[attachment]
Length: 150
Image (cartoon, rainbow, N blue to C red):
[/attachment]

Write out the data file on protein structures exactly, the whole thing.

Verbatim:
Length: 150
Image (cartoon, rainbow, N blue to C red):